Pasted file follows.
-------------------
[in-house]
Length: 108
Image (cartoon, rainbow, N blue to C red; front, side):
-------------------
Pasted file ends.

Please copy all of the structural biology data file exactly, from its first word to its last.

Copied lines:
[in-house]
Length: 108
Image (cartoon, rainbow, N blue to C red; front, side):